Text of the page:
Starting in August 2015, Graham transitioned back to full-time work. Arctic Zone assigned him to work evenings rather than during the day, which it attributes to seasonal need. Graham characterizes this as a “demotion” to the position of “night mechanic.”
In October 2015, Graham caused a Zamboni accident. Arctic Zone says that the accident resulted in “over two feet of jagged plastic” protruding from the rink wall and onto the rink itself. Arctic Zone suggests that the plastic was a hazard to its customers.
Arctic Zone fired Graham on the day of the accident. It gave five reasons for doing so in his Termination Notice. They can be summarized as follows: (1) poor attitude about his change in position; (2) poor attitude toward customers (citing customer complaints); (3) lack of timeliness in completing his duties; (4) insubordination with management; and (5) the Zamboni accident, which put customers in danger and caused Arctic Zone to lose revenue while the rink was being repaired.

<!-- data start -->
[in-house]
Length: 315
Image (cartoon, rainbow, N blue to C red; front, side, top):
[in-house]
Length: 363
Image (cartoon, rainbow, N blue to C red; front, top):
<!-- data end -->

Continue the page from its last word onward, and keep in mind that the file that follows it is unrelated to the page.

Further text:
Graham sued Arctic Zone for discrimination in violation of the Americans with Disabilities Act. See 42 U.S.C. § 12101. He alleged two violations: first, that Arctic Zone failed to reasonably accommodate his disability; and second, that it terminated him because of his disability. The district court granted summary judgment to Arctic Zone on both counts. Graham appeals.